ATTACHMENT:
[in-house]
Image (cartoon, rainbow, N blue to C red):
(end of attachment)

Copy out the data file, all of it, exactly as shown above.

[in-house]
Image (cartoon, rainbow, N blue to C red):